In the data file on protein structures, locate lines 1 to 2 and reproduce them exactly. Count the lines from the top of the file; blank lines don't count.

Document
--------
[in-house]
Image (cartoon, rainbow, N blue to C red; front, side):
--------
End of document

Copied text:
[in-house]
Image (cartoon, rainbow, N blue to C red; front, side):